Friday, May 15, 2015

The Oldest Building In New Orleans


Believed to have been built in the 1740's, predating the Ursuline Convent, demolished in 1927
The loss of this building was one of the many impetuses toward French Quarter preservation.

Just prior to demolition - note damage to roof
Under Demolition

Saturday, May 9, 2015

The Table Tomb in St. Louis Cemetery #1

The table tomb in St. Louis Cemetery No. 1.  I grow so weary of hearing our visitors be told that this was designed for a.) picnics, b.) voodoo ceremonies, c.) a slab upon which vampires lay their victims and drain them of their life blood or d.) God knows what!  Here are a few facts about the table tomb:

1.) IT IS A BELOW GROUND GRAVE!  The very people who just told their group that it is impossible to bury below ground now stand and point out this monument without telling their listeners that buried beneath it - in the soil - is a coffin.

Benjamin Latrobe's table tomb design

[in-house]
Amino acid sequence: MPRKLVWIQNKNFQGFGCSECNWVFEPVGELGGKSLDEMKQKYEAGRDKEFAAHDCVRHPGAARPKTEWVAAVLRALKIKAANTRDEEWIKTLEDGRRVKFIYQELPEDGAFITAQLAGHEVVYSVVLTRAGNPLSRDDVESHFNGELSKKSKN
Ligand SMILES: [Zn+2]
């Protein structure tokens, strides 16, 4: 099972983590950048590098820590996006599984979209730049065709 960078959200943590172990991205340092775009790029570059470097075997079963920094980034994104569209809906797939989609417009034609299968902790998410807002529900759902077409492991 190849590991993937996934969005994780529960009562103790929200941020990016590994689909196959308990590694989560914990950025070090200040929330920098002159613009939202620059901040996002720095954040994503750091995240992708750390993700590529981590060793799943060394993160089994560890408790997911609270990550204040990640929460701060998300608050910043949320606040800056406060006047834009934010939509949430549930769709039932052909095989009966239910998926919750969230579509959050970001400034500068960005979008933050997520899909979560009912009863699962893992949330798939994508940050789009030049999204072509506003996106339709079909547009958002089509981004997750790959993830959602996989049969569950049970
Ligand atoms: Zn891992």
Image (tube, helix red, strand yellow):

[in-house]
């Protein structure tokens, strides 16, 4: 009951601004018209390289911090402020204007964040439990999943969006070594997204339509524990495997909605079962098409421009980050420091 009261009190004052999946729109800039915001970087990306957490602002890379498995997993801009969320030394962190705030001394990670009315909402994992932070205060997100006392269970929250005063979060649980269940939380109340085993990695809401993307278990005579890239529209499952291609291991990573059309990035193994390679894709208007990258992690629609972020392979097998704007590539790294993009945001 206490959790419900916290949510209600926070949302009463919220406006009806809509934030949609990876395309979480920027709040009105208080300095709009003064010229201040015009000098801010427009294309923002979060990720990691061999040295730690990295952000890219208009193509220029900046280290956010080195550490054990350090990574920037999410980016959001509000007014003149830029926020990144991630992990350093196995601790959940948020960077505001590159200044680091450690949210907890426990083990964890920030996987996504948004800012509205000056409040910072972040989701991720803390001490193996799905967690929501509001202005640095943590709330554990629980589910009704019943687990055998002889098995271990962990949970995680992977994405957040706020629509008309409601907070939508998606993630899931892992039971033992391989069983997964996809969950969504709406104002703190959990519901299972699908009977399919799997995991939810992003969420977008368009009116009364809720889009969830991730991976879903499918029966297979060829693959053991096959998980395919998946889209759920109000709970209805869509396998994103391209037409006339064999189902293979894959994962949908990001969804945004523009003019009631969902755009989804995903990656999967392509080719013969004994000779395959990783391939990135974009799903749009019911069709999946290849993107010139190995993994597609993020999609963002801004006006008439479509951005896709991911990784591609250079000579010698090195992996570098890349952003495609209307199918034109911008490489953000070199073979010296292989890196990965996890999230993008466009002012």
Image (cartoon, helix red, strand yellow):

2.) Once upon a time there was an architect by the name of Benjamin Latrobe.  If you are an architect or a student or fan of architecture, you know him very well.  He designed the Capital Building in Washington, D.C.  He also designed grave monuments.  Among his concerns were ground caving in as wooden coffins deteriorated and collapsed, exacerbated by the weight of monuments pushing down on soft soil.  In his notebook he addresses this and sketches his design for this very table tomb. He says of it:

“But as if ingenuity had been employed to invent a monument still more caduceous [sic], there has been of late a new fashion introduced.  A thin slab is supported sometimes by 6 sometimes by only 4 balustres, or small stone or marble posts.” [1]
Middletown, CT

3.) In the early part of the 19th century table tomb was a common monument and is absolutely not unique to New Orleans.  Here is a gallery of table tombs from around the country.

(All of these pictures were found on the internet and
are not the property of Tour Creole.)

Philadelphia, PA
Richmond, VA
Raleigh, NC

Unusual coffin-shaped version from Somerset, OH

[1] Impressions Respecting New Orleans, Diary & Sketches 1818-1820, Benjamin Latrobe.  Latrobe, by the way, is buried below ground in the protestant section of St. Louis Cemetery #1.  His headstone having been lost many years ago, the exact location of his grave is unknown.